Mortgage Scams: What To Look Out For

Mortgage Scams: What To Look Out For

Buying a house can be a stressful experience. It takes a lot of time and effort…not to mention money to find the home you always wished for. Heartbreakingly, the dreams of many have become a nightmare thanks to mortgage scams. Scammers are preying on homebuyers more than ever by hacking their emails.


Predators strike at the most sensitive times and leave no paper trail behind. While this may sound scary, don’t let it deter you from finding the house of your dreams. We’ll go over how these scams work and what to look out for.

How Do These Mortgage Scams Happen?

The most common hacking scam involves wiring money for a closing. Hackers routinely go through email accounts looking for correspondence between humans and closing agents. Just by reading your emails, they can determine where in the home buying process you are.


If you are in the closing stages, the chances that a yellow-flagged email from your closing agent is sitting in your inbox is pretty high. Once the hacker knows when your closing date is, they strike around the 24th hour. This is because stress is at its highest. Buyers expect crazy last minute things to pop up and just want it to be over.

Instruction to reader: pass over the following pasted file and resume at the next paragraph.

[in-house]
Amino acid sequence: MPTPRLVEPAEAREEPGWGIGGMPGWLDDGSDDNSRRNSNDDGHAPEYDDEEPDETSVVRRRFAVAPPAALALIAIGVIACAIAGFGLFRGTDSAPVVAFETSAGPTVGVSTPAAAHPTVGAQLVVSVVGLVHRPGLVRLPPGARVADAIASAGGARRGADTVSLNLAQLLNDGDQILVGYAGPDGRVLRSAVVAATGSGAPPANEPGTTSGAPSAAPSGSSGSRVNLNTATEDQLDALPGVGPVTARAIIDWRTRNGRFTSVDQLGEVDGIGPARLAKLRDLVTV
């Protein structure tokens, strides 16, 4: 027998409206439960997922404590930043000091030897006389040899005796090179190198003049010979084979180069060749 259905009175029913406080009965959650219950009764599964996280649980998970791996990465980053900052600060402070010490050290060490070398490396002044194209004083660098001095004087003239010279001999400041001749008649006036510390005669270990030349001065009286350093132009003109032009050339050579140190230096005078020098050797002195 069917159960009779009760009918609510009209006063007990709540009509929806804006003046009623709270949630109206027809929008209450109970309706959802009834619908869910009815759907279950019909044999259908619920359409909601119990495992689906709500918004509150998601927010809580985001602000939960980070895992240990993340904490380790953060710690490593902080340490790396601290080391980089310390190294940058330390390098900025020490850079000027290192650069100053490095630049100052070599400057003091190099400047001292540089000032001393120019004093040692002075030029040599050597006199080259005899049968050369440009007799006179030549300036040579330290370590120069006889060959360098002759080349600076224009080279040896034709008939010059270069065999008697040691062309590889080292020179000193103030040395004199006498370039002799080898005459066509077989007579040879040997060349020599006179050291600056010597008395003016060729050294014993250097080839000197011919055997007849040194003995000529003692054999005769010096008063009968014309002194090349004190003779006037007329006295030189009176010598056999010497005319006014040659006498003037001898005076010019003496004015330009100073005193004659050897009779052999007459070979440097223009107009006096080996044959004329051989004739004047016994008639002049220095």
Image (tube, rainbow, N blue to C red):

Not to mention, anything and everything about your financial history has been asked and required to be seen during this whole process. That’s why by the end of things, people tend to be a little laxer on the sensitive information they fork over.


Hackers will duplicate your closing agent’s email templates and make fake email addresses. These emails can be quite convincing because they make exact replicas of correspondence you’re accustomed to seeing. The scammers will have you wire money to an account. They will draw from this account and there goes your closing fees.

How to Avoid Mortgage Scams?

During closing time, be skeptical of any changes. This is your money. Sure, you may be on a deadline but wire transfers have no insurance. Once your money’s gone, it could be gone for good.


If you think you have been tricked, react quickly. Track down where you transferred the money and put a hold on it. If the money was picked up, call the cops in that area’s location.


Pay extra attention to odd emails where plans change. Look at the email address. A lot of times these hackers will make an email address that is just one letter off from your actual closing agent’s.


Lastly, get in contact with your closing agent on the phone before you do anything with money. Sensitive matters like this shouldn’t be taken for granted. Contacting someone and actually speaking to them will go a long way in clearing up any confusion.

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